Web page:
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Lexi Thompson hides the pain, remains a fan favorite in the Women’s PGA

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Lexi Thompson hit a birdie putt on her final hole of the US Women’s Open this month, walked into the scoring facility adjacent to the 18th green at the Pine Needles Golf Club in Southern Pines, North Carolina, and was given the harrowing update by the that had been invigorating.

His ailing grandmother, Mimi, had died earlier that Sunday, but Thompson’s team withheld the information until they reached a location that offered at least a modicum of privacy. When told, Ella Thompson began to sob, even as she had made her peace with the inevitable as she sat by the bedside during her beloved grandmother’s final days.

After a prolonged emotional release and much comfort from those closest to her, the sixth-ranked player in the world returned abroad to fulfill all the autograph requests and pose for dozens of photographs.

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“It was very difficult, but I know she would want me to do it,” Thompson, 27, said Tuesday at the Congressional Country Club in Bethesda, the site of this week’s Women’s PGA Championship. “It is important to give back to the fans. I mean, they took time out of their lives to support me, for better or worse. The least I can do is give them some of my time.”

In several instances, Thompson fought back tears before speaking to young fans delighted to spend even a few seconds in his company. Still, she pressed on, not wanting to deny the star-studded girls her moment with a golf role model who has become perhaps the most recognizable face in the women’s game of her generation.

Her fans didn’t care that Thompson had posted a five-over-par 76 in the final round or that she finished tied for 20th in her quest for her first US Women’s Open title. What mattered was that Thompson, grieving inside, still gave herself despite the circumstances.

“She is a remarkable player, but an even more remarkable person,” said LPGA Tour Commissioner Mollie Marcoux Samaan. “She’s amazing with the girls and the fans that come to see her, and she’s just a wonderful manager. I love watching her play because she is just a killer athlete, but when you get to know the personal side of her, she makes it even better.”

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The demand for Thompson’s attention in Congress, where the 11-time LPGA winner is among the favorites in the third major on the women’s golf calendar, was much the same after her morning pro-am on the blue course ended. .

Thompson paused to sign and pose with children and adults alike in the clubhouse, thanking all the volunteers who accompanied her group and acknowledging the applause and words of encouragement almost everywhere she went.

The search for Thompson’s first win at the Women’s PGA Championship begins Thursday at 1:23 p.m. in the first professional major played on the domestic capital market since the 2011 US Open. It also marks the first women’s race at the historical congress.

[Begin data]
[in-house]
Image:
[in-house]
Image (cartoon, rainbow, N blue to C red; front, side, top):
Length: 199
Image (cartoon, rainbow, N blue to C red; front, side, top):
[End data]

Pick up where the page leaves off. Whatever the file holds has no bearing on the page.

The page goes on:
Thompson is looking for her second major victory and first since 2014, when she outpointed Michelle Wie West by three strokes at the Kraft Nabisco Championship at Mission Hills Country Club in Rancho Mirage, California.

“Lexi, she doesn’t need a last name, does she?” said Stacy Lewis, a two-time Grand Slam champion and 2023 US Solheim Cup captain who finished third behind Thompson at the Kraft Nabisco in 2014. “She’s the only person who probably doesn’t need a last name. Everyone knows who she is.”

Thompson ranks first in Solheim Cup points, making her a virtual lock for the sixth consecutive appearance and adding to a decorated international resume that includes representing the United States at the 2016 and 2020 Olympics. Next year’s Solheim will be held in Andalusia, Spain.

Thompson initially gained recognition in golf circles in 2011 by becoming the youngest player in history to win an LPGA Tour event, recording three consecutive rounds in the ’60s en route to a five-stroke victory at the Navistar LPGA. Classic at The Senator Course in Prattville. , To.

She was just 16 years, 7 months and 8 days old, a record that New Zealand’s Lydia Ko has since broken.

Lately, though, Thompson has been mired in a relative slump, having last won at the 2019 ShopRite Classic. It’s the longest drought of his career. His game, however, remains pristine, at least statistically, giving Thompson, in his own words, little reason to panic.

He ranks first in greens in regulation (76.5 percent), third in total shots gained (2.26 per round), and sixth in driving distance (274.68 yards). He, too, is coming off a tie for fifth in last week’s Meijer LPGA Classic, missing a three-way playoff by two shots.

“Just the way he plays and his ability to hit the golf ball itself is so impressive,” Lewis said. “You see her walk around and the way she treats the fans and the little kids, you know, it’s something that I think a lot of young players could take advantage of.”

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